Statutory and Common Law Claims to Protect Online Privacy

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Contents

Scope

  • Use this page to list sources related to statutory or common law claims regarding online or computer privacy. These are typically those in which there is no government actor that would implicate Fourth Amendment concerns. Where a government entity is involved in a privacy matter, the source should probably be listed instead in Fourth Amendment as Applied to Online Privacy. The Federal Trade Commission's online privacy enforcement actions under Section 5 of the FTC Act, which prohibits unfair or deceptive practices, should typically be listed instead in Spam and Unfair or Deceptive Practices Online.

News / Editorial

Legal Briefs / Opinions / Statutes

  • American Civil Liberties Union v. DOJ, 10-5159 (D.C. Cir. 2011) (Affirming the district court's order requiring release of certain documents under the Freedom of Information Act relating to the government's use of cell phone location data in criminal prosecutions and remanding for further development of the record regarding other requested documents).
  • United States v. Amanuel, No. 06-1103 (2d Cir. Jul. 29, 2010) (law enforcement's failure to properly record electronic pager evidence not a constitutional violation yet testimonial uses barred for failure to comply with ECPA's sealing requirements. However, non-testimonial uses permitted, thus suppression of evidence from follow-on warrants vacated. Defendants may nonetheless be eligible for civil remedies for violative interception.).
  • Complaint Melkonian v. Facebook, Orange County Superior Court Case No. 30-2009-00293755-CU-BT-CJC (privacy lawsuit against Facebook that was voluntarily dismissed).
  • Zheng v. Yahoo! Inc., No. 08-1068 (N.D. Cal. Dec. 2, 2009) (ECPA does not apply extra-territorially to disclosures by Yahoo!'s Chinese subsidiary of stored communications of plaintiffs that resulted in torture and imprisonment).
  • Alamar Ranch, LLC v. County of Boise, No. 09-004, 2009 U.S. Dist. LEXIS 101866 (D. Ida. Nov. 2, 2009) (knowledge of employer monitoring of employee communications over its network could be imputed, not only to the employee but to employee's attorney, resulting in waiver of attorney-client privilege for messages sent by employee to attorney using employer-assigned e-mail account, and vice versa).
  • Stengart v. Loving Care Agency, Inc., No. A-3506-08T1 (Sup. Ct. N.J. Jun. 26, 2009) (employer was not entitled to read e-mails exchanged between an employee and her attorneys through her Yahoo! account, even though the emails were stored on the employee's company-issued laptop).
  • Steinbach v. Village of Forest Park, No. 06-04215, 2009 U.S. Dist. LEXIS 59907, 2009 WL 2060054 (N.D. Ill. Jul. 14, 2009) (where government employee's personal email accessed without authorization, Stored Communications Act and intrusion upon seclusion claims survive motion to dismiss).
  • In re United States, Nos. 08-9131 and 08-9147 (D. Or. Jun. 23, 2009) (§ 2703(a) of the Stored Communications Act incorporates all procedural aspects of Rule 41, including the so-called "notice" requirement of Rule 41(f)(1)(C), which is satisfied by leaving a copy of the warrant with the third-party ISP, and where no property is actually seized—as is true in most cases involving search warrants for e-mail—the notice requirement of Rule 41(f)(1)(C) is not even triggered).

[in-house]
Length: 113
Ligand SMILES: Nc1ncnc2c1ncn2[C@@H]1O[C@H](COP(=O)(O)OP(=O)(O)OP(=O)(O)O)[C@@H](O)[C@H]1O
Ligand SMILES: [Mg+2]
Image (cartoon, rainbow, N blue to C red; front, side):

• Yath v. Fairview Clinics, No. A08-1556, 2009 Minn. App. LEXIS 117 (Minn. Ct. App. 2009) (unauthorized posting of personal medical information on MySpace is "publicity" per se for invasion of privacy tort).
  • Burnett v. County of Bergen, 198 N.J. 408 (N.J. 2009) (under the Open Public Records Act, SSNs must be removed from documents sought before they are provided, and the requestor must pay for the cost of this removal).
  • Van Alstyne v. Electronic Scriptorium Ltd., 560 F.3d 199 (4th Cir. 2009) (plaintiffs pursuing claims under the Stored Communications Act must prove actual damages in order to be eligible for statutory damages, but not for punitive damages or attorney’s fees).
  • Moreno v. Hanford Sentinel Inc., 172 Cal. App. 4th 1125 (Cal. Ct. App. 2009) (an author who posts on a public social networking website cannot state a cause of action in CA for invasion of privacy, but may state a cause of action for IIED against a person who submits that article to a newspaper for republication).
  • Brahmana v. Lembo, No. 09-106, 2009 WL 1424438 (N.D. Cal. May 20, 2009) (recording keystrokes using software and hardware monitoring tools is sufficient to render plausible the claim that communications were monitored, but the keystrokes must also affect interstate commerce under the Wiretap Act).
  • Quon v. Arch Wireless Operating Co., 529 F.3d 892 (9th Cir. 2008) reh'g denied 554 F.3d 769 (9th Cir. 2009).
  • Hall v. Earthlink Network, Inc., 396 F.3d 500 (2d Cir. 2005).
  • Orin Kerr, Amicus Brief on behalf of CDT, EFF, EPIC, ALA, ACLU, and CNSS in United States v. Councilman, 418 F.3d 67 (1st Cir. 2005).
  • Patricia L. Bellia and Peter P. Swire, Amicus Brief on behalf of Sen. Patrick J. Leahy in United States v. Councilman, 418 F.3d 67 (1st Cir. 2005).
  • Marc Rotenberg and Marcia Hoffman, Amicus Brief on behalf of Dr. Whitfield Diffie, Dr. Edward W. Felten, Dr. John R. Levine, Dr. Peter G. Neumann, and Dr. Bruce Schneier in United States v. Councilman, 418 F.3d 67 (1st Cir. 2005).
  • Theofel v. Farey-Jones, 359 F.3d 1066 (9th Cir. 2004).
  • Fraser v. Nationwide Mutual Ins. Co., 352 F.3d 108 (3d Cir 2003).
  • Doe v. GTE Corp., 347 F.3d 655 (7th Cir. 2003).
  • Bourke v. Nissan Motor Corp., No. B068705 (Cal. Ct. App., July 26, 1993).

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